Province’s teams have mixed feelings about professional Women’s League
SAFA’S (the SA Football Association) proposal to introduce a unified and professional Sasol Women’s league in the new 2018 season has had a mixed reception among affiliate clubs in the far flung towns of the Province.
Late last month Safa’s national executive committee (NEC) held an extraordinary congress in Gauteng. One of the resolutions coming out of that congress stated that the organisation would introduce a professional league for women.
The Safa congress approved the creation of the new Women’s National League which will be made up of all nine provincial sides. It will also include women’s teams from the likes of Premier Soccer League sides Mamelodi Sundowns, Bloemfontein Celtics and a University Sports SA (USSA) side.
The congress also noted that there were several other PSL teams who have shown an interest in forming women’s teams. Accompanying that resolution was Safa’s intention, expressed at the congress, to increase the number of the National (Women’s) League teams from 12 to 16 in the year of its operation.
At present in the Northern Cape there are 16 female teams registered to play in a non-professional league, sponsored by Sasol. In previous years Safa helped NC teams to overcome the vast distances between towns by splitting the Sasol league into a coastal and inland stream, with each stream having eight teams. This tactic significantly shrunk the distances the teams had to travel to honour fixtures.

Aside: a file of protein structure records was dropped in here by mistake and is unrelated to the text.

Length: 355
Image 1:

Responding to the Safa proposal about a unified, professional women’s league; Amichand Amsterdam, who heads up Richmond United FC in the town situated about 400 kilometres south of Bloemfontein, said: “It’s going to be difficult. We will have to travel as far as Springbok which is more than a 1 000km away.”
Amsterdam recounted some other towns that his club will have to travel to in order to honour fixtures. “The other is Keimoes 600km, Kuruman and Kathu 700km, as well as Kimberley which is 400km away from Richmond.
“But I am going to cope,” he added. “It will be good for the players as they will get more game time.”
On the other hand Kimberley based Crusaders Ladies FC’s manager coach Lebogang Zakie Sinombe said he was aware of plans to introduce a professional league. “I know about it. The new league is going to be challenging. I don’t have a sponsor nor a business. I have nobody to help me. I don’t think I’m going to continue. I am not certain. I will ask the (Sol Plaatje) University to merge with us. They want status and we need them. I am not selling but want a co-operative agreement.
It’s going to be expensive to travel to Springbok for instance. The last time it cost about R12 000 (in diesel costs), now it’s more than that because of changes in the diesel price. Safa only gives us
R30 000 yet we need about R100 000 per year to get there (to fixtures).
“It’s a nice thing (the professional league). I wish to play in the professional league but I dont have the money,” he added.
Dickson Mathobela, who manages Galeshewe Ladies FC, commented at a previous interview that the travel between towns to honour fixtures was going to cripple many clubs. He said he only coped with the distances to travel to fixtures because his team has its own bus which he had bought himself. However, he was optimistic that the professional league would inject a much-needed football entertainment element to the Province which was poorly sourced with such amenities.